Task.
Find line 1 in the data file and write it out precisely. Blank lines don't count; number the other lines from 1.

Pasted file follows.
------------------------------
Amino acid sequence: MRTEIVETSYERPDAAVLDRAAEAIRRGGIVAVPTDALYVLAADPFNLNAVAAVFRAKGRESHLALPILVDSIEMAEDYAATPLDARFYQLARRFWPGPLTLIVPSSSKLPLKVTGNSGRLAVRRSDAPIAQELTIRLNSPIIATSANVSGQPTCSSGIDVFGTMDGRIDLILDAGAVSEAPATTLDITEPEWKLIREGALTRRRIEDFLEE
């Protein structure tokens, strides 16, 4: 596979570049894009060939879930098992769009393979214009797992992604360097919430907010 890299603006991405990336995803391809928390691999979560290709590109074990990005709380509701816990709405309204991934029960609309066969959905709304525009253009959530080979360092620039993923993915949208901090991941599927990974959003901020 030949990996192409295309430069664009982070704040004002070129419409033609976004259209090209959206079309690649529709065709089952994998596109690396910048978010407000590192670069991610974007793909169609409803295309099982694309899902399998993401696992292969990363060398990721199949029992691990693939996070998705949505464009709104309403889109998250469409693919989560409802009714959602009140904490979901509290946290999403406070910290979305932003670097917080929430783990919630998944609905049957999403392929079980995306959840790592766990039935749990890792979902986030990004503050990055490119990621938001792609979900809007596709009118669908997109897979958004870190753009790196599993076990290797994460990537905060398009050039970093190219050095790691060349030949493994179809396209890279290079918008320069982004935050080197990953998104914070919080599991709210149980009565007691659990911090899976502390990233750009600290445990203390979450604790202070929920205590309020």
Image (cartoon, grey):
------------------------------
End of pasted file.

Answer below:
Amino acid sequence: MRTEIVETSYERPDAAVLDRAAEAIRRGGIVAVPTDALYVLAADPFNLNAVAAVFRAKGRESHLALPILVDSIEMAEDYAATPLDARFYQLARRFWPGPLTLIVPSSSKLPLKVTGNSGRLAVRRSDAPIAQELTIRLNSPIIATSANVSGQPTCSSGIDVFGTMDGRIDLILDAGAVSEAPATTLDITEPEWKLIREGALTRRRIEDFLEE